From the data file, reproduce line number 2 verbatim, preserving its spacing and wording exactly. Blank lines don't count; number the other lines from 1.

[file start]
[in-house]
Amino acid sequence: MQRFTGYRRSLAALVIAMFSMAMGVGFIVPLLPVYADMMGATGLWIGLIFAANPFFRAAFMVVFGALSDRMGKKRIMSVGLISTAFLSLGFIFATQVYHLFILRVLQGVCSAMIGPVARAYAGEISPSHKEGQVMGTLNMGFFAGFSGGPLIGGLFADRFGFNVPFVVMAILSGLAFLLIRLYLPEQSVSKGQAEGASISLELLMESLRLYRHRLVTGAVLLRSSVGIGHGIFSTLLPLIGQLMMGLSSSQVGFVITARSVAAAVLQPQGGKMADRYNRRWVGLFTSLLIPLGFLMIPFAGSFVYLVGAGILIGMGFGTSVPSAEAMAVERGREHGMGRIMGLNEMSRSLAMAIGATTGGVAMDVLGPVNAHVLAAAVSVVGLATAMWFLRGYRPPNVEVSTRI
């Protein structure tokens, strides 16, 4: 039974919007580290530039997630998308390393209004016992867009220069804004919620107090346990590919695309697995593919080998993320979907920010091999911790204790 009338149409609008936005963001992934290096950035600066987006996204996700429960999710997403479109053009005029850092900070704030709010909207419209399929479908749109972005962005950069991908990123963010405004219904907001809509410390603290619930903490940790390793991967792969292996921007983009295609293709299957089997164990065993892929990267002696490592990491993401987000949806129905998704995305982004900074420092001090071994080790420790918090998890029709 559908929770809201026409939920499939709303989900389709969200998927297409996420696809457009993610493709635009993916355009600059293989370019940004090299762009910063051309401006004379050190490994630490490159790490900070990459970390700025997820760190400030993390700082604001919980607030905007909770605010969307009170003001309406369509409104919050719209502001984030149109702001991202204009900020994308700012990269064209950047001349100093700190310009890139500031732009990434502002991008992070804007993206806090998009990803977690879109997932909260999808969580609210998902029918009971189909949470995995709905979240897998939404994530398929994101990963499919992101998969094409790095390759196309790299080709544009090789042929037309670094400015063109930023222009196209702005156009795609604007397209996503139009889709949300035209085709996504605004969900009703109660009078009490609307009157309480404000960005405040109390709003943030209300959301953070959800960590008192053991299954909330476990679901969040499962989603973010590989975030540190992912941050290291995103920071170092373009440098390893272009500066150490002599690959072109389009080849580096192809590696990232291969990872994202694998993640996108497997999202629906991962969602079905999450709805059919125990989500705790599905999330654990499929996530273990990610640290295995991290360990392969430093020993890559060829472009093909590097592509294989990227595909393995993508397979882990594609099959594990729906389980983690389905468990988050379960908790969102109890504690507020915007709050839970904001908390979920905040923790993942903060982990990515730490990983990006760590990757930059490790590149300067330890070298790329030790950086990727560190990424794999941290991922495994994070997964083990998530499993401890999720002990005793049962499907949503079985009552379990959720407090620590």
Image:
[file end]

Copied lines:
Amino acid sequence: MQRFTGYRRSLAALVIAMFSMAMGVGFIVPLLPVYADMMGATGLWIGLIFAANPFFRAAFMVVFGALSDRMGKKRIMSVGLISTAFLSLGFIFATQVYHLFILRVLQGVCSAMIGPVARAYAGEISPSHKEGQVMGTLNMGFFAGFSGGPLIGGLFADRFGFNVPFVVMAILSGLAFLLIRLYLPEQSVSKGQAEGASISLELLMESLRLYRHRLVTGAVLLRSSVGIGHGIFSTLLPLIGQLMMGLSSSQVGFVITARSVAAAVLQPQGGKMADRYNRRWVGLFTSLLIPLGFLMIPFAGSFVYLVGAGILIGMGFGTSVPSAEAMAVERGREHGMGRIMGLNEMSRSLAMAIGATTGGVAMDVLGPVNAHVLAAAVSVVGLATAMWFLRGYRPPNVEVSTRI